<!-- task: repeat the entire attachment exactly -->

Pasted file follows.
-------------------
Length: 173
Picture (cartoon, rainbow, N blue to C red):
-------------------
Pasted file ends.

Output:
Length: 173
Picture (cartoon, rainbow, N blue to C red):